The conversations and interactions we have throughout Beth El are often fascinating and thought-provoking.

Some weeks ago during my Wednesday morning Torah class, we talked about the price of tefillin and why they are so expensive. I took advantage of the conversation to spend some time learning about tefillin. I explained briefly the rabbinical approach and gave my spiel about how the tefillin are the connectors with God. Like small “walkie talkie” devices they “connect and carry” our

prayers to God.

I showed the class my old tefillin; I opened them and showed the inside, the compartments, the tendons used to sew, the parchments and the different types of tefillin.

Then I posed my class a question: “Why do we question the price of tefillin that we will use for a life-time but have no problem spending lots of money on a mobile phone that will be good for one or two years until a new operating system will make them slow?”

Continue reading →

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All of them

There are books that can make a great impact on people. I read one such book some years ago –Like Dreamers by Yossi Klein Halevi.

In the book, the author describes the lives of several paratroopers who liberated Jerusalem in the Six Day War. The book focuses on their lives after that milestone event in Israel’s history. According to the author, they reunited Jerusalem and divided a nation.

I want to share with you a short story the author highlights in the book that I believe is a beautiful message, especially at this time of year.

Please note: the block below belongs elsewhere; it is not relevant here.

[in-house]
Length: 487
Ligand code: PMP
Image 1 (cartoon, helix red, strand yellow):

Continue reading →

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Pittsburgh and Argentina

Two trips on the horizon.

Pittsburgh and Argentina. So distant, so close

On October 27 – Mitzvah Day –  I will be leading a trip to Pittsburgh, exactly one year after the horrible attack against the Tree of Life Synagogue. A year has passed and I feel I owe that community my support. I have never been to Pittsburgh before, but my heart hurts and my soul still suffers with their loss, with our loss. As if the attack was yesterday. I feel I owe that community a hug, a word of consolation and a moment of silence. I invite you to join me.

This trip will be a chance to bond with fellow Jews and perform an important mitzvah, but we will also make the time together an opportunity to learn. On the bus to Pittsburgh we will welcome a speaker who will be teaching about anti-Semitism and how we should respond. Continue reading →

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The serpent and the firefly

Some years ago I rushed to downtown Roanoke for a picture. I learned that an artist was taking pictures of people and printing them as big posters to be hung all over the city. I wanted to see myself on a big poster I hurried so I could be included in this exciting project.


Three weeks ago the United Synagogue calendar arrived at home and again, I was pictured (nicer this time!) in a big poster. My face is included in a high profile way in homes across the country!

How can a person manage his/her ego? How is it possible not to succumb to the temptation of pride or egotism?

Maybe, being “sameach b’chelko”, happy with your own share, helps a bit. It helps at least to reduce jealousy and envy.

I wanted to share with you a story that may help to illustrate this point. Continue reading →

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Sometimes it is very difficult to cut the umbilical cord. This may be true literally, but in this case, I’m not talking about something physical – though it does feel like a physical separation sometimes. One example of this separation anxiety happens to me when I read or watch the news. I read news from the U.S., and from around the world, but every day I also try to read news from Argentina, Israel, and Colombia – countries that have been my home. And I feel a deep connection with those places even though it has been many years since I’ve lived there.

Something very unusual happened a few weeks ago in South America. Continue reading →